In this article I argue that contemporary critical theory needs the conceptual tools of social ontology in order to make its own ontological commitments explicit and strengthen its interdisciplinary approach. On the other hand, contemporary analytic social ontology needs critical theory in order to be able to focus on the role that social change, power, and historicity play in the constitution of social facts, and to see the shortcomings of an agential and intentionalist approach to social facts. My thesis is (...) strengthened by a historical reconstruction of the presence of two different approaches in the original program of the family of critical theory apparently most hostile to social ontology, (the Frankfurt School), namely Horkheimer’s program of a critical social philosophy which includes a social ontology, and Adorno’s negative attitude towards it, epitomized by the paradoxical notion of “ontology of the false state”. Adorno’s negative attitude was later inherited by Habermas and Honneth, whose work I show to be nevertheless deeply laden with ontological commitments. I then argue that, if one accepts the socio-ontological redefinition of critical theory, then the post-metaphysical paradigm adopted by Habermas should be revised and a certain conception of the linguistic turn in the understanding of social action abandoned. On the side of contemporary social ontology, the impulse coming from critical theory should allow us to distinguish between forms of ‘traditional social ontology’, that simply apply ready-made general metaphysical concepts to social reality, and a ‘critical social ontology’, oriented to socializing ontology and critically transforming metaphysical categories. (shrink)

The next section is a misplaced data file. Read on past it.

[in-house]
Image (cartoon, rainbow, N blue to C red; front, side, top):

The WTO Dispute Settlement System (DSS) has been the object of many studies in politics, law, and economics focusing on institutional design problems. This paper contributes to such studies by accounting for the argumentative nature and sophisticated features of the DSS through a philosophical analysis of the procedures through which it is articulated. Jürgen Habermas's discourse theory is used as a hermeneutic device to disentangle the types of ‘orientations’ (compromise, consensus, and mutual understanding) pertaining to DSS procedures. We show (...) that these latter are oriented primarily to put the parties in a position to reach mutual understanding. Such an orientation is no mere idiosyncrasy of the DSS but is the only one consistently conducive to the WTO's general aims, in response to the various types of disputes that may arise between its Members. Before closing, we bring our procedural considerations to bear on the reform proposals of the DSS. (shrink)